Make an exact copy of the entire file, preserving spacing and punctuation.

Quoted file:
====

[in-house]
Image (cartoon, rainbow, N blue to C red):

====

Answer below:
[in-house]
Image (cartoon, rainbow, N blue to C red):